/usr/share/Modules/modulefiles/r-libs-user:

module-whatis	 Sets R_LIBS_USER=$HOME/R/library
setenv		 R_LIBS_USER ~/R/library
-------------------------------------------------------------------

[asrini@node063 ~]$ module show devtoolset-2
-------------------------------------------------------------------
/usr/share/Modules/modulefiles/devtoolset-2:

module-whatis	 Devtoolset-2 packages include the newer versions of gcc
prepend-path	 PATH /opt/rh/devtoolset-2/root/usr/bin
prepend-path	 MANPATH /opt/rh/devtoolset-2/root/usr/share/man
prepend-path	 INFOPATH /opt/rh/devtoolset-2/root/usr/share/info
-------------------------------------------------------------------

Example use of modules:

[asrini@node063 ~]$ python -V
Python 2.6.6

[asrini@node063 ~]$ which python
/usr/bin/python

[asrini@node063 ~]$ module load python-2.7.5

[asrini@node063 ~]$ python -V
Python 2.7.5

[asrini@node063 ~]$ which python
/opt/software/python/python-2.7.5/bin/python

After running the above commands, you will be able to use python v2.7.5 till you exit out of the interactive session or till you unload the module:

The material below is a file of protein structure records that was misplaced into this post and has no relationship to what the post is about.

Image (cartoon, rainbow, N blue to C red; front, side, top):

[asrini@node063 ~]$ module unload python-2.7.5

[asrini@node063 ~]$ which python
/usr/bin/python

Modules may also be included in your job scripts and submitted as a batch job.

Using Modules at Login

In order to have modules automatically load into your environment, you would add the module commands to your $HOME/.bashrc file. Note that modules are not available on the PMACS head node, hence, you'll need to ensure that your login script attempts to load a module only if you are on a compute node:

[asrini@consign ~]$ more .bashrc
# .bashrc

# Source global definitions
if [ -f /etc/bashrc ]; then
	. /etc/bashrc
fi
#
#
# Modules to load
if [ $HOSTNAME != "consign.hpc.local" ] && [ $HOSTNAME != "mercury.pmacs.upenn.edu" ]; then
	module load python-2.7.5
fi

# more stuff below .....

[asrini@consign ~]$ which python
/usr/bin/python
[asrini@consign ~]$ bsub -Is bash
Job <172129> is submitted to default queue <interactive>.
<<Waiting for dispatch ...>>
<<Starting on node063.hpc.local>>
[asrini@node063 ~]$ which python
/opt/software/python/python-2.7.5/bin/python


Using Modules in BSUB